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Soil Health

Soil Health in Utah

Soil is a living and life-giving substance, without which we would perish.

As world population and food production demands rise, keeping our soil healthy and productive is of paramount importance. So much so that we believe improving the health of our Nation’s soil is one of the most important conservation endeavors of our time.

The resources on this soil health section of our site are designed to help visitors understand the basics and benefits of soil health—and to learn about Soil Health Management Systems from farmers who are using those systems.

For more information in Utah, contact Niels Hansen, NRCS state agronomist at 801-524-4568, or visit your local NRCS field office.

Profiles in Soil Health

Cache Valley farmer Todd Ballard

Cache Valley farmer Todd Ballard describes his no-till soil health system on his irrigated farmCache Valley farmer Todd Ballard describes his no-till soil health system on his irrigated farm.  He studied his options well and began his soil health system five years ago.  He now can document cost savings as well as improved productivity.  If you have concerns about no-tilling on irrigated land, see how he uses strip-till in the fall for flood irrigation. Watch the video:  No-till on irrigated land.


 


Northern Utah dryland farmer Clair Zollinger

Northern Utah dryland farmer Clair Zollinger explains how no-till farming works.Northern Utah dryland farmer Clair Zollinger explains how no-till farming works on their dry land farm to conserve moisture and improve yields.  He shows how his direct seeding equipment works on CRP land coming back into crop production.  Watch the video:  No-till dryland farming.


 


NRCS State Agronomist Niels Hansen

NRCS State Agronomist Niels Hansen demonstrates the soil quality differences between two pieces of lNRCS State Agronomist Niels Hansen demonstrates the soil quality differences between two pieces of land across the fence from each other.  Using the shovel test, he shows how the conventional tillage land is compact and hard, as compared to land that has been in the Conservation Reserve Program for many years.  The difference is very obvious.  Watch the video:  Soil Health and Productivity.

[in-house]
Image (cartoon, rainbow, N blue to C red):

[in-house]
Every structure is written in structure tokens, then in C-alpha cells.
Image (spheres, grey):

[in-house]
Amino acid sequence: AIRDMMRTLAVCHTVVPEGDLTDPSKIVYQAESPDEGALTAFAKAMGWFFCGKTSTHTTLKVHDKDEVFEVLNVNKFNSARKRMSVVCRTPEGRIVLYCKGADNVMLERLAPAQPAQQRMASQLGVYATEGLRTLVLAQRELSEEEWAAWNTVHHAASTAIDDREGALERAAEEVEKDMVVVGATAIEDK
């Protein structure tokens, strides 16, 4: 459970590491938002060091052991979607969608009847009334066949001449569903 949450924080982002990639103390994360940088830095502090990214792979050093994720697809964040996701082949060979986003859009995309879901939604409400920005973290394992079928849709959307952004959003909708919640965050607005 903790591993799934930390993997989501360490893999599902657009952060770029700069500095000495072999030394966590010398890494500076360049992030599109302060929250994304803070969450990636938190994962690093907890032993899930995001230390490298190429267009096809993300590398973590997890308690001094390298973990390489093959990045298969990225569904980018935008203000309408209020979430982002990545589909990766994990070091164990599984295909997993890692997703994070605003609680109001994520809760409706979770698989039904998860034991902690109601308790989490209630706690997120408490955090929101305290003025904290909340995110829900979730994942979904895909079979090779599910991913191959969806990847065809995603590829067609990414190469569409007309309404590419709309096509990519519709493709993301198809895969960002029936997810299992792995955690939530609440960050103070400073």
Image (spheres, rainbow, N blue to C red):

Soil Health Training

Idaho NRCS State Agronomist Marlon Winger and Montana NRCS Area Agronomist Mark Henning conducted aIdaho NRCS State Agronomist Marlon Winger and Montana NRCS Area Agronomist Mark Henning conducted a soil health training session in Ogden, Utah, in the summer of 2013.  They describe the benefits of soil health systems and then demonstrate a few tests that show the soil structure and water-holding capacity differences of no-till vs. conventional till soils.  Watch the video:  NRCS Soil Health Training in Utah.
 


Soil Health Across the Nation

NEW Soil Health map 2014

A growing number of America’s farmers are using soil health management systems to improve the health and function of their soil—and we’re working hand-in-hand with these producers through our technical and financial assistance programs and services to help ensure their success. Click here to use the interactive map and find out what’s happening in your state regarding soil health and learn more about some of the farmers who are unlocking the secrets in the soil.


Explore the Science of Soil Health

Purdue’s Dr. Eileen KladivkoWhen we use tillage the soil ecosystem is disturbed on a massive scale.  Purdue’s Dr. Eileen Kladivko contrasted natural ecosystems with tilled systems and what we stand to lose when soils are tilled. Watch the video:The Science of Soil Health: What Happens When You Till?


Newspaper/Magazine Info-Graphics

Infographic Web CopyThere are a lot of interesting facts about healthy soil. Check out these informative graphics to unlock some of the secrets in healthy soil. Newspaper, magazine and newsletter editors are encouraged to download and publish these graphics (royalty-free) to help their readers discover some of the interesting facts at our feet.